When it comes to Drupal I love entities. Entity display modes provide simplicity in managing how your content is displayed. I used to be hardcore "Fields only" when it came to using Views and displaying content. Yeah, it gives you more control, but it is a pain in the ass when you have to replicated your field settings multiple times (if you have to.) Wouldn't it be super easy to just say "Hey Views, render this entity!" and BAM it is all there for you.
I'm writing a book! Mid May I began work on a book called "Getting Cozy with Drupal Commerce." Commerce is a robust module with a lot of power under the hood, unfortunately many of its features can be confusing or frustrating. Why? Because its architected to be flexible and extensible.
Internet Explorer is a deadly trap for web developers. In fact a good amount of time is allotted to just ensuring a website's experience is uniform across different versions of the browser. The problem plaguing Internet Explorer is that each version has generally been released alongside a new iteration of the Windows operating system. With this life cycle certain operating systems get left behind (the dreaded era of Windows XP with IE8 is finally, somewhat over.)
When using Drupal we all know there are two themes: default and administrative. By having two diferent themes site managers have a better user experience by knowing "this is public," and "this is administrative." It also proves beneficial to have specific administration themes due to the kinds of content and forms that a site manager has to interface with. Drupal does provide the option of letting site builders decide if adding or editing a node takes place in the default theme or the administrative theme. Chances are, at least in all of my cases, you have "Use the administrative theme when editing or creating content" checked. There's just one drawback: what if one specific node (or other entity for that matter) should be edited through the default theme?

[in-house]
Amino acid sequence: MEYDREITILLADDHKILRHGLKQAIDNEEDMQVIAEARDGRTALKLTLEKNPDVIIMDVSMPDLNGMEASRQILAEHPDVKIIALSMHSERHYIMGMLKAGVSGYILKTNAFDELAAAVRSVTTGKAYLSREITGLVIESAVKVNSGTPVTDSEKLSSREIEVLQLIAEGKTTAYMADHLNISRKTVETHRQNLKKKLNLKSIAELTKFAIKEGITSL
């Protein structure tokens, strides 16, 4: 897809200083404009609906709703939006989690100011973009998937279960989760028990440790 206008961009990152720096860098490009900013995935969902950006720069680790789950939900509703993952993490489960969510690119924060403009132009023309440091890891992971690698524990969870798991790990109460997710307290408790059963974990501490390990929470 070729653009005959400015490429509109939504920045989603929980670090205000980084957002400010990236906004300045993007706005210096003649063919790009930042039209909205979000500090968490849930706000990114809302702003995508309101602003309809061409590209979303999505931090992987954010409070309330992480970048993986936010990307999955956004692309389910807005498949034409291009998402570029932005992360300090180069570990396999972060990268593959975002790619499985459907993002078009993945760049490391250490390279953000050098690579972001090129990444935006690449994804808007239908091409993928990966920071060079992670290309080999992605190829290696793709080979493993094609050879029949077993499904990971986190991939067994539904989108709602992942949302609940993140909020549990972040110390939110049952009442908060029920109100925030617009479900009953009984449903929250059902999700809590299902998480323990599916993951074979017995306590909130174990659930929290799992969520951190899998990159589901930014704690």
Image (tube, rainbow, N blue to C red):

Turns out at Microsoft's Build 2014 it was announced that the company with be partnering with Xamarin (maker of Mono) to start the .Net Foundation. Right now it seems the .Net Foundation's primary goal is to foster open-source development projects based on the .Net framework, verus open sourcing the framework itself.
Last week I was down at the amazing Florida Drupal Camp and gave my first Drupal Camp presentation! I've been meaning to do a write up, but life is just too busy right now. So here's the slides at least!